The good news is that there's a lot to be hopeful for in the new year. With a vaccine on the way, there's a real hope that we'll soon be returning to the way of life we miss so much. But we can't toss out our masks just yet. Even under the best public health scenarios, we're in for several more months of cancelled plans, social distancing, and skyrocketing COVID cases, all during the coldest and darkest times of the year. For a while at least, 2021 is going to feel like 2020 2.0.

12 Scientifically Proven Ways to Succeed at Your New Year's Resolutions


The pandemic doesn't seem to have dampened Americans' enthusiasm for linking a New Year to a fresh start. More than two thirds of Americans plan to make a resolution for 2021, polls show, which is roughly the same as in years past. What has changed: The most common objectives for 2021 look strikingly different from traditional New Year promises, and attitudes about when, how and why to tackle key goals have changed as well.

The reason: More than half of Americans say their usual pre-COVID January 1 resolutions—think, hitting the gym more often or nabbing a big raise—aren't applicable to their lifestyle anymore. Seven in 10 say they are tossing out materialistic pledges and instead looking to learn life skills, improve overall wellness or savor experiences, like time with family, according to a survey conducted by OnePoll on behalf of Affirm.

And while doing a better job of managing money remains a top priority, the motivation people give for wanting to make a financial change has shifted too. Previously, the top reason people gave for pledging to adopt better money habits in a new year was to live a debt-free life, according to Fidelity Investments, which conducts an annual poll on financial resolutions for the New Year. In 2021, this year's survey found, they're looking to achieve greater peace of mind.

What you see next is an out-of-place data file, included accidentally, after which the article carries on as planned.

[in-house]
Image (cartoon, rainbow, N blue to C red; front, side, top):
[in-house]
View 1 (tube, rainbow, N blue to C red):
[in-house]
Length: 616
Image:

Britain and the European Union agree on the hardest Brexit

THE POST-BREXIT deal announced on December 24th by Boris Johnson, Britain’s prime minister, and Ursula von der Leyen, the European Commission’s president, has come extremely late for Christmas. It is also painfully close to the end of the standstill transition period on December 31st. It falls short of the best-in-class, comprehensive free-trade agreement that Mr Johnson once promised. And costly disruption to today’s frictionless trade is inevitable when Britain leaves the EU’s single market and customs union on January 1st. All the same, the deal is welcome. It will at least constitute a base on which to build further agreements.

Brexit has counterposed two visions of sovereignty. Mr Johnson rejoiced over Britain gaining the unfettered ability to write its own laws. Ms von der Leyen suggested instead that sovereignty was best assured by “pooling our strength and speaking together in a world full of great powers.” Both spoke of remaining close partners and allies.

What Joe Biden's Africa Strategy Might Look Like

by Michael Shurkin